3. A break-up fee of $300 million charged to Conrail. This guarantees that CSX will not lose the money they used to pay for the deal’s fees while compensating the Company for their time spent and reputation involved with the deal. This demotes Conrail to consider other bidders or to decline the merger in such a late stage of the deal process. On the other hand, this could also benefit Conrail because if another bidder emerges then that new bidder would be required to pay at least $300 million extra to Conrail to cover the break-up fee.
Larry Page once said, “Especially in technology, [we] need revolutionary change, not incremental change.” Whether he is speaking about the Transcontinental Railroad system or the latest iPhone, what he says is true. If change is going to happen, it needs to bring a revolution of some kind along with it, otherwise, it will just become lost in history. This makes us wonder, how did the railroad system affect the US? The railroad system benefited the US most economically by industrializing towns it ran through, lowering shipping costs, and allowing for mass imports and exports.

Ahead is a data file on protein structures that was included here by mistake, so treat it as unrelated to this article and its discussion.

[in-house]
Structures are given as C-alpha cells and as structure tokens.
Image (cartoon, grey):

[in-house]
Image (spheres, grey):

In addition, like any other merger between two firms, companies benefit from significant cost synergy during the implementation of an acquisition and/or merger with other company. For example, when two companies combine their strengths to complement each other, they restructure their operations and as a result several offices and sites are closed down which leads to the laying off of employees, consolidating services and software applications. All these changes, result in synergy savings for the new company.
The Canadian National Railways is a part of the Railway Industry and it is the most popular and longest system all over North America. It is the only “transcontinental railway” company that Canada has which crosses the Atlantic Coast in Nova Scotia to the Pacific Coast in British Columbia. The CN Railway system provides transportation services to coal, automobiles, grain, beverages, lumber and metal products. They use railway containers which is a cost-effective method that helps easily transport Canadian and American goods. CN Railway’s profit increases every year due to the vast amount of items it transports and this causes multiple consumers and businesses to be involved with the CN Railway Company. (Canadian National, 2015).